25. There is a lot of debate about taking Sidney Crosby and Chris Kunitz of the Penguins as a pair for the Canadian Olympic team. In Monday night's 3-2 loss at Ottawa, Alex Pietrangelo and Jay Bouwmeester of the St. Louis Blues had a two-minute shift in overtime. They were on the ice for 26 seconds before teammate Derek Roy took a penalty and the duo stayed to kill the first 1:33 of it. Those guys are going to the Sochi Winter Games together.

26. During last year's lockout, I asked one scout to provide a list of AHL players he liked. On it were five of Pittsburgh's defensive prospects. Joe Morrow was dealt to Dallas (and later Boston). The New York Islanders took Brian Strait on waivers. As Pittsburgh's defence was decimated by injury, Robert Bortuzzo played 39 minutes, Simon Despres 38 and Brian Dumoulin 36 in back-to-back 4-1 and 3-1 wins over Detroit and Toronto, respectively. Bortuzzo and Dumoulin were sheltered a bit, but the three combined for two points and were plus-five. Good call.

27. When Jeff Petry was made a healthy scratch two weeks ago by Edmonton, he got a text from his junior hockey coach, Regg Simon. "I went through the same thing in my second year there," the Oilers defenceman said. What did he tell you? "Defence first," Petry replied. "Also, remember what you did to get there ... believe in yourself. You earned your spot, remember that."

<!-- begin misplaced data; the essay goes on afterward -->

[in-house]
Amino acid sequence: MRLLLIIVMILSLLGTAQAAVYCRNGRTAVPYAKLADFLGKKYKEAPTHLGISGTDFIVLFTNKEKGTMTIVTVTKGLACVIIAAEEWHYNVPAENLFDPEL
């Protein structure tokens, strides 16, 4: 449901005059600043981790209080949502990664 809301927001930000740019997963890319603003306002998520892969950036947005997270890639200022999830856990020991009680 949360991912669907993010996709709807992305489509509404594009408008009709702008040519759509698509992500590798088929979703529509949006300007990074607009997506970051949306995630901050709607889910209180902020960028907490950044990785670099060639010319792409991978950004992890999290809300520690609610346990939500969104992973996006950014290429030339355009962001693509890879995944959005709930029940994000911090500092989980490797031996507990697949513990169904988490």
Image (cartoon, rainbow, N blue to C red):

28. Another piece of advice came from his father Dan, who won 125 games in a 13-year, major-league pitching career. "He told me, 'Make sure you go see your coach and ask him what he wants. You have to know the answer.'"

29. When L.A. left on an Eastern road trip through Montreal, Toronto and Ottawa, Kings president of business operations Luc Robitaille requested it be made known to voting media that Drew Doughty deserves the Norris Trophy as top defenceman and Anze Kopitar the Selke Trophy for defensive excellence at forward. Suffice it to say, we got the message, Luc. Several times.

30. The Kings made a really nice gesture for the family of a young fan who travelled to see them play in California the last three years. Braden Searle got several autographs from players during that time, including his favourite, Doughty. Last June, Searle, who was just 14, suddenly passed away due to Sudden Arrhythmic Syndrome. The organization sent a message of condolence from Doughty to the family, which is part of a special Facebook page where you can find out more information about the disease. Please take a look.

Follow Elliotte Friedman on Twitter @FriedgeHNIC